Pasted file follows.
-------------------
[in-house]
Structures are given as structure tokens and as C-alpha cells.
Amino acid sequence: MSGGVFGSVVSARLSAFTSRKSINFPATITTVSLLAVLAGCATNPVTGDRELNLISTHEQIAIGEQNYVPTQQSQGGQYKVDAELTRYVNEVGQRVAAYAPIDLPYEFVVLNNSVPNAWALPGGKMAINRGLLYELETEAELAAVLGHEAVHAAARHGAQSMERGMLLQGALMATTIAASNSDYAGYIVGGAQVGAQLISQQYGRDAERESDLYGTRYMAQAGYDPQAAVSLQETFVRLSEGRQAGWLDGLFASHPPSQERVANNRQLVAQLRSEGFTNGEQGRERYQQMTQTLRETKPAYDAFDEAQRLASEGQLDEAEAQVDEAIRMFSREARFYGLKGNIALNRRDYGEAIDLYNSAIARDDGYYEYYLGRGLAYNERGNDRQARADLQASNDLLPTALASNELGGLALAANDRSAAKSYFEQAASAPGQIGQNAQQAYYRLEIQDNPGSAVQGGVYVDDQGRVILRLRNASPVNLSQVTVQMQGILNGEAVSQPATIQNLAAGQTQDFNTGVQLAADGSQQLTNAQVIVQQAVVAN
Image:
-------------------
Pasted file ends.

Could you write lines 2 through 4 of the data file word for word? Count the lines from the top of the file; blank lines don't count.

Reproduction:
Structures are given as structure tokens and as C-alpha cells.
Amino acid sequence: MSGGVFGSVVSARLSAFTSRKSINFPATITTVSLLAVLAGCATNPVTGDRELNLISTHEQIAIGEQNYVPTQQSQGGQYKVDAELTRYVNEVGQRVAAYAPIDLPYEFVVLNNSVPNAWALPGGKMAINRGLLYELETEAELAAVLGHEAVHAAARHGAQSMERGMLLQGALMATTIAASNSDYAGYIVGGAQVGAQLISQQYGRDAERESDLYGTRYMAQAGYDPQAAVSLQETFVRLSEGRQAGWLDGLFASHPPSQERVANNRQLVAQLRSEGFTNGEQGRERYQQMTQTLRETKPAYDAFDEAQRLASEGQLDEAEAQVDEAIRMFSREARFYGLKGNIALNRRDYGEAIDLYNSAIARDDGYYEYYLGRGLAYNERGNDRQARADLQASNDLLPTALASNELGGLALAANDRSAAKSYFEQAASAPGQIGQNAQQAYYRLEIQDNPGSAVQGGVYVDDQGRVILRLRNASPVNLSQVTVQMQGILNGEAVSQPATIQNLAAGQTQDFNTGVQLAADGSQQLTNAQVIVQQAVVAN
Image: